A Unique Child

Why It’s Vital to Understand the Causes of Disruptive Behaviour

  • Why It’s Vital to Understand the Causes of Disruptive Behaviour

When traditional methods don’t work for your special children, it’s time to get to the root of the problem, says Adele Devine…

There’s a dandelion growing in your garden. What will your response to it be? A) The quick fix – remove the flower head, B) The long-term solution – get a spade and dig up its roots, C) Acceptance – learn to love dandelions.

Dandelions will not stick to neat flowerbeds. They spring up in the middle of the grass. To green-fingered neighbours they stand out, making us look like we are not caring for our gardens properly. Our SEND children often stand out too. They may present unusual or disruptive behaviours. They might not be motivated by the usual rewards or bothered by reprimands.

Let us take the example of a child with autism ‘playing’ at the sand tray. You observe the child repeatedly lifting sand and watching it pour through his fingers. He does this again and again; he does not play or move on as other children do. When the other children transition to the carpet for story time this child stays put, as if his feet are glued to the floor.

This sand tray play is an opportunity to develop communication by using techniques based on ‘Intensive Interaction’. Get alongside the child and mirror how he plays. Become a fellow investigator. In time, the child may start to interact, which is the start of communication and cooperative play. We accept and learn with the child on his terms.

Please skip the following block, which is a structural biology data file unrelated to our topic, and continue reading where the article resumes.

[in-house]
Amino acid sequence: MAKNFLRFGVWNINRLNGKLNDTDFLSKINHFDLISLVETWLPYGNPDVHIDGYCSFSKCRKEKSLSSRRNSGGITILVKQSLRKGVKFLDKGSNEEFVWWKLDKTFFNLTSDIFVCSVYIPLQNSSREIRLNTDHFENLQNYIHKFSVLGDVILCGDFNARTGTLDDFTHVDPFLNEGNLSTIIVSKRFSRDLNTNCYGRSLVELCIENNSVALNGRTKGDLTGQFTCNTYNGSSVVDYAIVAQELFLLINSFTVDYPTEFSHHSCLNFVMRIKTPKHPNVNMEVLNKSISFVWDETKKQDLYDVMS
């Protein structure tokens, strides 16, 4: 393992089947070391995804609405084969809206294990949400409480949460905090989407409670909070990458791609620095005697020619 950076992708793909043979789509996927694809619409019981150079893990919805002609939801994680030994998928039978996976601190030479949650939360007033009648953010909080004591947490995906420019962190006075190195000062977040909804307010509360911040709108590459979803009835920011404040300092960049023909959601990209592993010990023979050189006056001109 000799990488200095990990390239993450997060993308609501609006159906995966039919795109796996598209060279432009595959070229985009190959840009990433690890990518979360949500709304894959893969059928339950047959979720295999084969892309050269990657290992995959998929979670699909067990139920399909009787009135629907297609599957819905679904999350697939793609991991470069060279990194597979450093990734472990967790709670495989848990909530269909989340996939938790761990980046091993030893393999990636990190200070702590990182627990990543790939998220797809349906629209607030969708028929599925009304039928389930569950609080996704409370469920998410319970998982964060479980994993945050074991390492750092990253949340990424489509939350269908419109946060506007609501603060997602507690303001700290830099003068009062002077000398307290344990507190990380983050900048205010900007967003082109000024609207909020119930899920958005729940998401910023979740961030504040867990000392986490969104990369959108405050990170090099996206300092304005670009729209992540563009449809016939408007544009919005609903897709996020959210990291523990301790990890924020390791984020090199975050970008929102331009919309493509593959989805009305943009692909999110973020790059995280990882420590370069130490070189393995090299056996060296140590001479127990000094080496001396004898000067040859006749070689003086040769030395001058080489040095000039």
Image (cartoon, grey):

Maybe the child shows disruptive behaviour at the sandpit such as throwing sand in other children’s eyes. Provide visuals showing the right way to play with sand. Praise children getting it right. We work with the child to teach him an alternative, acceptable way to interact with other children and get good ‘reactions’. Remember that children who seek reactions may not distinguish between positive and negative reactions. A “Johnny, stop!” could seem as rewarding to them as a “Well done, Johnny!” Perhaps the child tries to control the sandpit, showing distress when others join him. Set another sand tray, nearby allowing other children to play and providing opportunities to praise those behaviours you want to see.

Case studies

Bessie the tipper’ (Diagnosis: Autism)
If there was a basket of toys, a box of puzzles or a tray of pencils in view, Bessie would launch herself towards it and tip it up. The classroom was set up to avoid temptation. No pencil pots were left out, no boxes of scrap paper… Everything was up high or locked away. But this was not fair on the other children. The tipping caused them distress, and not being able to go and get things was removing opportunities for them to develop their independence.

A pattern had developed: Bessie would tip and staff would insist she tidy up. She would tidy up with the staff and when done, they would tell her she was a “good girl”. What was she getting out of this? Was she enjoying the cooperative tidy up time or the “good girl” praise?

I asked staff to give Bessie lots of over the top “good girl” comments for the other things she did well, but then, when she tipped, to show no reaction. We gently moved Bessie away and tidied up, without commenting. I spoke to Bessie’s mum so she could get on board with the new strategy too.